Opinion: Futurama is clearly superior to The Simpsons. Fact: You can find all the life lessons and advice you'll ever need buried in between this show's many, many cancellations. Today, we're going to learn about life from the greatest men and women of the 31st century. Also Bender.
On Radical Self-Acceptance
In our lame old 21st century, we have to worry about things like "fitting in" and "self-esteem". In the 31st century, they have got it all figured out. Hedonismbot embraces pleasure wherever he can find it, no matter how uncouth. Fry accepts his rampant stupidity. Even Professor Farnsworth's totally over our primitive notions of modesty. No matter how much they should be utterly ashamed of themselves, they're not.
Of course, no one models this beautiful idea of self-acceptance quite like Bender. He has the kind of confidence that led him to become a god that one time. Or that other time. He was an Ultimate Robot Fighter, performed on stage with Beck and has even been Santa for a while. Pretty great resume for a guy who was only programmed to bend girders. Follow his example and believe you can be as great as Bender thinks he is. You can't, of course. But at least you can try.
On Romance and Settling
If you're ever feeling bad about your love life, just remember it took Fry over a thousand years to bounce back after his girlfriend dumped him on New Years. As the 31st century equivalent of a high school dropout, Fry managed to work his way up from delivery boy, to unemployed, to delivery boy all in the span of a single episode. Still, it wasn't enough to win him the affection of the woman he was creepily obsessing over.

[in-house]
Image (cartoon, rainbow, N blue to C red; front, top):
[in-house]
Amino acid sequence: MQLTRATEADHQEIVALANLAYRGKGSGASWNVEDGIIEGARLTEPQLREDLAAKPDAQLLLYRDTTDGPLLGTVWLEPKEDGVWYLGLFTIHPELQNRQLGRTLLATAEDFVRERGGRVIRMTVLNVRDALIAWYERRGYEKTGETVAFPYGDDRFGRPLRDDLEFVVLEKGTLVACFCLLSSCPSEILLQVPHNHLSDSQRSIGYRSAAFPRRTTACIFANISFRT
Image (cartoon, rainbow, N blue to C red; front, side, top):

Even after a string of office romances, meaningless hookups, accidentally becoming his own grandfather and that one time with a radiator, Fry never lost sight of his one true… I'm gonna call it, love? Leela eventually caved into Fry's incessant pestering and gave Fry a chance after a horrible coin-flipping accident. With constant training, Fry eventually learned to be a competent boyfriend, until they lived as happily ever after as they could get. Truly, their story is a beautiful model for anyone that's ever settled for whoever they worked with at the time.
On Family and Parenthood
While Bender is obviously the greatest at giving parental advice, it's Professor Farnsworth and Hermes Conrad who show us the best examples of parenthood in the series. Most notably in The Route of All Evil. Here, the children Dwight and Cubert start a delivery service to compete with their parent's company Planet Express. Hermes and the Professor are naturally supportive and encouraging.
The show also tackles the tough subject of parents estranged from their adult children. Leela, orphaned from birth, reunites with her gross, genetically inferior sewer mutant parents. Professor Farnsworth made up with his impossibly still-alive parents after they were rescued from the Near-Death Star nursing home. And when Amy was wrestling with her newfound robosexuality, her parents were there to support her decision.
On the Inevitable Heat Death of the Universe
Life isn't predictable and it certainly isn't easy. No one knows this better than Fry. He lost his entire life once when he was frozen in a tube for a million years. Then a second time when he accidentally travelled forward in time to the end of the universe. All things considered, he was pretty chill about it. I don't even handle it that well if my dinner plans change at the last minute
Fry faced some rough stuff, but he always rolled with the punches. Even the literal ones. Sure he was stupid. In fact, he was so cosmically stupid that he was often uniquely suited to accidentally save the universe. And yet he was probably the happiest, most easy-going person who's ever lived. If you ever feel stressed, overwhelmed or burdened by the existential crisis that haunts every conscious being in a cold, unfeeling universe, just look to Fry and his special mind. He may not actually be that helpful, but at least he'll try.